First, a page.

"The majority of participants in both studies used Results Manager during specific blocks of time they reserved during the week, typically 30 min to an hour. It was often the case that these users only had a single block of time each week to spend acknowledging laboratory results and printing patient letters. However, there were some users who attempted to complete these tasks in between their patient encounters and other daily responsibilities, using either Results Manager, or a manual method such as hardcopies of laboratory slips.... One observed participant checked for updates throughout the day and wrote preliminary notes as separate results came in. Batch printing of patient letters was also common across test participant workflows, as not every user was within close proximity to a printer."
"[M]ost of the task analysis participants said they would not need to invoke Popup to access the Medications module if they could edit the patient's medication list directly from Results Manager. Currently, they can only add a new medication from within the Results Manager screen."
"The navigation...was described as 'awkward' by participants from both qualitative studies who also indicated 'too many clicks and screen flips' were required to complete the task of acknowledging and informing patients of laboratory results. This particular workflow required frequent access to other modules of the [EMR], most notably Patient Summary, Medications, and Notes. If the information required to support this workflow was not immediately present in the Results Manager screen, it became necessary for users to temporarily shift their focus to other parts of [the EMR], making it harder to maintain system context."
"Our test participants wanted immediate access to information: 'If it's not on the screen, it better not be more than one click away,' as summarized by one observed user during our task analysis research. However, physicians also complained when too much information was on a screen, making it 'too busy' and problematic when trying to perform tasks quickly."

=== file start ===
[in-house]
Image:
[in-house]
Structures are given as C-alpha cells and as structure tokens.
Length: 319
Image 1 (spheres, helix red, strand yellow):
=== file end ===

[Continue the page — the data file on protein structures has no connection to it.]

"All participants observed during the task analysis study...expressed the need for quicker access to [the EMR's] Notes module (where previous outpatient visit notes are kept) from within the Results Manager. Currently, this can be done using the 'Popup' menu feature on [the] main navigation bar..., which launches a new 'child' window on top of the active browser window to view other...modules. However, even experienced users found continued frustration with this indirect approach as Notes is not listed as a selection under the Popup menu. Another sub-menu item, such as Health Maintenance, must be selected first, and then the user can navigate to Notes. Another alternative is to stay within the main browser window and leave the Results Manager module, which adds the additional tasks of temporarily saving data and moving to another screen."
"A physician participant in the task analysis study (who also participated in the focus groups) demonstrated a different workaround to address the ... navigation issues - he kept multiple browser windows open and switched back and forth between different patient records and...modules. While waiting for the system to process one patient record, he created his own navigation system to be more productive. However, while this may seem like a clever solution, it can undermine patient safety. When asked if he ever got confused during multiple window switching, this physician responded, 'Yes, all the time.'"
Study Design
Only postintervention (no control group)
Study Participants
Five physicians and two nurses participated in the task analysis. The focus groups involved 26 physicians (2 interns, 11 residents, and 13 attendings).